Still Active

I celebrated my 7th anniversary of my cancer surgery recently, and I’m humbled to say that I’m still healthy after all this time. Time: It’s such a gift.

I celebrated this year by buying a charm bracelet with a charm for each year that I have enjoyed since cancer surgery in 2007. Luckily, Danforth pewter is a Vermont business and I was able to make my bracelet at a Danforth store, choosing meaningful charms such as clover leaf, for the luck of the surgery going well, and a heart for the next year, where I married my boyfriend while still having hair-style challenges from the chemo. Other charms commemorated life events, and the joy that goes with being a long-term survivor.

Then, I celebrated the 4th anniversary of my book’s publication by meeting with two very special people at the Stowe Weekend of Hope. One is a local reader of my book, whom I’ve met and been in touch with. She’s an active cancer patient who humbles me with her compliments for the book and how it helps her now. And the other new friend is a personal trainer who is certified to work with cancer patients, and who is able to use the book’s approach with her clients. Doubly humbling. She’s including a copy of my book in the take-home package for a workshop on recovery.

We three wandered around the fields and trails in Stowe last Friday, and the weather was “interesting”. It drizzled, it poured, the sun shone, the wind picked up, and then it rained again: all this change in not a very large amount of time. Of course, that weather reminded me of life: as John Prine wrote in a song: “You’re up one day, the next you’re down; it’s a half an inch of water and you think you’re going to drown.”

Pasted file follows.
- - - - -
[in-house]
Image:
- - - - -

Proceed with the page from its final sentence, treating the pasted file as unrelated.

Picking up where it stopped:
John Prine is a cancer survivor, too. And so was the woman behind the counter at the Danforth jewelry shop who made my bracelet with me. Cancer survivors are not hard to find. They’re everywhere. We’re everywhere. We have been given the gift of more time.

We walk in the rain and smile. We have chemo and we go out to feed the horses even though we’re tired. We teach others how to exercise with meaning and joy. We show up at our doctors’ offices and wish for something to make all the little indignities or chronic pain go away. We wait for spring, we listen for birds, and we keep moving, still humble, still remembering the day we came to consciousness post-surgery and they said, “it was cancer”, and we replied, “what do I do next? how can I heal?”

Peace and strength to all,
Nancy

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